ESCWA (36)


The Syrian government assessed last week the progress of the working group tasked with producing a reconstruction programme for Syria.


In this 2,200-word factsheet we provide a profile of the Syrian cement sector.


A UN agency has estimated that in the past year the war has generated additional losses of some USD 60 billion to the Syrian economy.


The demand for steel and cement in Syria is too low to justify any new investment in this sector, government officials have said.


At the beginning of this month the government made public for the first time some information on its efforts to devise a long-term strategy for post-war Syria.


Last week, the Government’s reconstruction committee met to discuss for the first time the devising of a broad reconstruction strategy although questions over finance and strategy remain unanswered.


ESCWA estimates that the losses in physical capital incurred by Syria in the past six years amounts to USD 100 billion.


This table provides estimates of GDP growth and level during the past six years compared with how they were forecast prior to the uprising and the economic loss that resulted from that differential and from the physical destruction.


The following table provides an estimate in dollars of the physical capital losses of each sector of activity in Syria as at the end of 2016.


The European Union has allowed some exemptions on its Syria sanctions regime on oil purchases and transport for humanitarian purposes.


A weekly selection of reports, papers and articles on Syria.


A weekly selection of reports, papers and articles on Syria.


Syria’s GDP will continue to decline next year, albeit at a slower rate, according to ESCWA, a UN body.


Syria’s balance of payments remained largely in the red last year as the current account continued to suffer from dismal goods and services exports, the IMF said in a report on the state of the Syrian economy.


The Syrian opposition has strongly criticized a recent ESCWA report on the state of the Syrian economy.


A weekly selection of reports, papers and articles on Syria.


A weekly selection of reports, papers and articles on Syria.


A weekly selection of reports, papers and articles on Syria.


Estimates and projections on Syria’s economic performance remain as difficult as ever to make as shown in two recent global publications.


Syria’s gross domestic product is forecast to continue to decline this year and next albeit at lower rates than in past years.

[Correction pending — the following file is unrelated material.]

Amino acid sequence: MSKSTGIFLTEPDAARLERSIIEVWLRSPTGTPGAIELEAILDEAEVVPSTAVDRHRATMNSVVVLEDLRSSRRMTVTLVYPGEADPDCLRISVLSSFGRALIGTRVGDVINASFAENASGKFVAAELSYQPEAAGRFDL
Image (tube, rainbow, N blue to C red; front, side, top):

Syria’s demand for cement could rise to an average of 50 million tons per annum in the five years that follow the end of the conflict, according to a Syrian official.


The number of labour lawsuits has surged in the last three years as a large number of wage earners have lost their jobs.


An average Syrian family needs some USD 267 per month in order to cover its basic expenses, according to an estimate made by a local media.


A report by a UN-affiliated body has provided a dramatic picture of Syria’s main economic and social indicators, three and a half years after the beginning of the popular uprising.


Abdallah Dardari, Syria’s former Deputy Prime Minister, provided an estimate for the economic cost of Syria’s reconstruction during a business forum in which many of Syria’s old business faces reappeared.


The rising number of unemployed is putting a strain on the budget of the Social Security Organisation, according to one of its officials.


Syria’s unemployment rate rose to 60 percent and its GDP declined by 45 percent compared to 2011, according to estimates from ESCWA.


A third of Syria’s housing units has been destroyed or damaged by the conflict, according to the United Nations.


The World Bank and ESCWA have estimated Syria’s GDP to have plunged by 20 to 30 percent last year as the war engulfing the country continues to take its toll on the economy.


The Economic and Social Commission for Western Asia, a UN-affiliated body, expects Syria’s Gross Domestic product to contract by 5.5 percent this year.

Around 25,000 Syrian migrants settled in the United States in the last decade, according to a recent study.

Nasri Al-Khouri, head of the Syrian-Lebanese Higher Council, talks on the economic and trade relationship between Lebanon and Syria.

In case any doubts still remained, the Syrian authorities have made sure that their new position towards the future role and size of the public sector is now clear.
Syria has adopted a bold new strategy to develop its Information and Communication Technologies sector.
According to a study from ESCWA (the United Nations Economic and Social Commission for Western Asia), the three countries of Lebanon, Jordan and Syria could save up to USD 850 million between them in the five years ending 2007 should they facilitate th...

A cooperation agreement to combat desertification was recently signed by the ESCWA and two Syria-based international institutions.